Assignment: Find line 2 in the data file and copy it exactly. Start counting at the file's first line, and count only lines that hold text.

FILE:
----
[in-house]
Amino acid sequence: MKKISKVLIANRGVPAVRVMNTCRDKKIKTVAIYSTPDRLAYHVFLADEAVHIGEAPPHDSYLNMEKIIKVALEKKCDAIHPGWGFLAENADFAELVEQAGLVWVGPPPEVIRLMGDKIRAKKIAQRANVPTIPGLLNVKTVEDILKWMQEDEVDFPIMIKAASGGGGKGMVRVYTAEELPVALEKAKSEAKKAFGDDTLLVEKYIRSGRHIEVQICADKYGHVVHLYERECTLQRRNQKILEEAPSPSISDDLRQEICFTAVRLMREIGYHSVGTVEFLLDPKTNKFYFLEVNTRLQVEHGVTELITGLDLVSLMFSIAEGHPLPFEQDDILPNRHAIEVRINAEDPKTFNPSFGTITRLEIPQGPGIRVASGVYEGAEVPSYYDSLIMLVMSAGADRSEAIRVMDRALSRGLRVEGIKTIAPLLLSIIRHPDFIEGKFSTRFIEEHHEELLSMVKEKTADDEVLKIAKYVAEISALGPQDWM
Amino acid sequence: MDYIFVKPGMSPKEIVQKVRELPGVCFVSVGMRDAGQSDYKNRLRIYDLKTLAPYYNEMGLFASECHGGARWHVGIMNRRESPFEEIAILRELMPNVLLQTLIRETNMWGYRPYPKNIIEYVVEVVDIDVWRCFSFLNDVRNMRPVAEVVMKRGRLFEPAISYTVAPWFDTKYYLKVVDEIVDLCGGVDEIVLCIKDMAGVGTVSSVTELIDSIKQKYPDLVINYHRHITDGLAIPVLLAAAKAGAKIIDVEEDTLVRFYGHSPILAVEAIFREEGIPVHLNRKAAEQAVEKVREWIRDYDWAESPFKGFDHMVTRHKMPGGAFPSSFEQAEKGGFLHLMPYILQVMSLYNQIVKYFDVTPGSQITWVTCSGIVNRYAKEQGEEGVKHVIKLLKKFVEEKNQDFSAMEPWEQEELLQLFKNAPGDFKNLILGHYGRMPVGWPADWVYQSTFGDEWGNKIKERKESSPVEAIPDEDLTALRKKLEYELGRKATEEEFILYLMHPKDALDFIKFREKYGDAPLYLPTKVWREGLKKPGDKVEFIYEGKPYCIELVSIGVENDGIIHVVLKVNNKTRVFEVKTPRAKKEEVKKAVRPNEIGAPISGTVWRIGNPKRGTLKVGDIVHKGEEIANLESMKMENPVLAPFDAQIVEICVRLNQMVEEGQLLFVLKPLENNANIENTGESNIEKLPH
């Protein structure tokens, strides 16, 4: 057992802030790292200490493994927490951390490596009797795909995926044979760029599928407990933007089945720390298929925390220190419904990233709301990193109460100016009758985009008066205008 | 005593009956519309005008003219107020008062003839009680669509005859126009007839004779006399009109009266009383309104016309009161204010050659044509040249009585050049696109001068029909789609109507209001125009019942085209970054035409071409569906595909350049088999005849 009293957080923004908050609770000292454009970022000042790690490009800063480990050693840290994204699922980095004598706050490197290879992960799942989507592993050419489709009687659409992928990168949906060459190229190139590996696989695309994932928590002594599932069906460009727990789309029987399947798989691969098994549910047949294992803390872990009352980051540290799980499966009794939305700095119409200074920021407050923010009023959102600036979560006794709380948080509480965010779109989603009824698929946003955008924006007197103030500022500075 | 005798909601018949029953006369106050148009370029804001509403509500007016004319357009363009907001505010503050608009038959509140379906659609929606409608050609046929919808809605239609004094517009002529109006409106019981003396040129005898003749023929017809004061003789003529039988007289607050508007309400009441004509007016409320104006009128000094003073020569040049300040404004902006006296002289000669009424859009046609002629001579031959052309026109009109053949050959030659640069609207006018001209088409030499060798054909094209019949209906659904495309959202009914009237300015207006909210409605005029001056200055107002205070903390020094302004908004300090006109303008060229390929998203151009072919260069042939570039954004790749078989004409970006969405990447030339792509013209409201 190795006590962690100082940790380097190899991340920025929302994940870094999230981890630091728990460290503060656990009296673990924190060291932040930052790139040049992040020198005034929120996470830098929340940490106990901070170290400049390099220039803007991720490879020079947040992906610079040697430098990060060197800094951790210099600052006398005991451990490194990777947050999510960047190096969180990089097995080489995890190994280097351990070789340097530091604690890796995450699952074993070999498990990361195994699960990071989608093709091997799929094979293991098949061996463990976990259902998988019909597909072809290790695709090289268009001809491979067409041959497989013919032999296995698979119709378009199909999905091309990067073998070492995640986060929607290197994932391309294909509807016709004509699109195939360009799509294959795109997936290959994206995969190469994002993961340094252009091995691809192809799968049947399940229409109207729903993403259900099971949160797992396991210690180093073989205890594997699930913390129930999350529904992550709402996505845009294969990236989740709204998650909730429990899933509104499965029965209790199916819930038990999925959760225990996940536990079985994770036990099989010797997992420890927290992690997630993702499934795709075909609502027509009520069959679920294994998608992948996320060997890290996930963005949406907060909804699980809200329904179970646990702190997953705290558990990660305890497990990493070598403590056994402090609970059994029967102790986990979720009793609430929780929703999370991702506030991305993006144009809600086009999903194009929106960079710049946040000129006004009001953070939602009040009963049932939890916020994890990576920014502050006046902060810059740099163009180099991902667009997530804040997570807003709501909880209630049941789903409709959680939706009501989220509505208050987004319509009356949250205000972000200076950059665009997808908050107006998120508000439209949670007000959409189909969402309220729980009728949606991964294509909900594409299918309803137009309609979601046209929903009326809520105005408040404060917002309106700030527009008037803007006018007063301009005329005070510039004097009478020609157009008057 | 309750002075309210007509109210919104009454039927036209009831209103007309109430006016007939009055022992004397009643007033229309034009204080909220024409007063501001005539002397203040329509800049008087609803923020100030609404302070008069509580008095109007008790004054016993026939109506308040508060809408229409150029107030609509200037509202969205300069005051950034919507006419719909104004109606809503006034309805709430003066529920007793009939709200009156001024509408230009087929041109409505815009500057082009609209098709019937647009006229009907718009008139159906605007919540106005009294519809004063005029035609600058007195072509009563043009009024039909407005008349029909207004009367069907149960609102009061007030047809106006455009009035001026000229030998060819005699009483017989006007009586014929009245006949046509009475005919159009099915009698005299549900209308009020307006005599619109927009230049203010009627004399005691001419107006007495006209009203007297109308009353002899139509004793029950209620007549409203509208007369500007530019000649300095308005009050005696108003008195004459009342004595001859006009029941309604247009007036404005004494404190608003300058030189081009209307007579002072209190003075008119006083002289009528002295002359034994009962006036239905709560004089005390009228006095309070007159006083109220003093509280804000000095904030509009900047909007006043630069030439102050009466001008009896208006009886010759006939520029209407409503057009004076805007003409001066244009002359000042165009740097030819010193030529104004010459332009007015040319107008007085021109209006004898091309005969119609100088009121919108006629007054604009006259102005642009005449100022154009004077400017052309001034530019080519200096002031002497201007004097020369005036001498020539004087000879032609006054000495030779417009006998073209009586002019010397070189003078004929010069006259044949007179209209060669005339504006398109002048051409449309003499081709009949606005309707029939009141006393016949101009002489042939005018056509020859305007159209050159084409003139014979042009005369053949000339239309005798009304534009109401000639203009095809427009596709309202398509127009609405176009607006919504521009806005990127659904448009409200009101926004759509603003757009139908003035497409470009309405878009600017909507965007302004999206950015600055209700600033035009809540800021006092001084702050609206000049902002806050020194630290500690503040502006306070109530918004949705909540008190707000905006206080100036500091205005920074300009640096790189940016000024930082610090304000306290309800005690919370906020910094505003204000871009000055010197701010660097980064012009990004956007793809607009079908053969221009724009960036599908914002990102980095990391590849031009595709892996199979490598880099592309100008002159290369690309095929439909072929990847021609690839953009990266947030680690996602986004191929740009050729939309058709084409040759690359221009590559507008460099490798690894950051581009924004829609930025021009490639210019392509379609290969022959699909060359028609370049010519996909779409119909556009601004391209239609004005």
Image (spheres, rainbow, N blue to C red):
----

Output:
Amino acid sequence: MKKISKVLIANRGVPAVRVMNTCRDKKIKTVAIYSTPDRLAYHVFLADEAVHIGEAPPHDSYLNMEKIIKVALEKKCDAIHPGWGFLAENADFAELVEQAGLVWVGPPPEVIRLMGDKIRAKKIAQRANVPTIPGLLNVKTVEDILKWMQEDEVDFPIMIKAASGGGGKGMVRVYTAEELPVALEKAKSEAKKAFGDDTLLVEKYIRSGRHIEVQICADKYGHVVHLYERECTLQRRNQKILEEAPSPSISDDLRQEICFTAVRLMREIGYHSVGTVEFLLDPKTNKFYFLEVNTRLQVEHGVTELITGLDLVSLMFSIAEGHPLPFEQDDILPNRHAIEVRINAEDPKTFNPSFGTITRLEIPQGPGIRVASGVYEGAEVPSYYDSLIMLVMSAGADRSEAIRVMDRALSRGLRVEGIKTIAPLLLSIIRHPDFIEGKFSTRFIEEHHEELLSMVKEKTADDEVLKIAKYVAEISALGPQDWM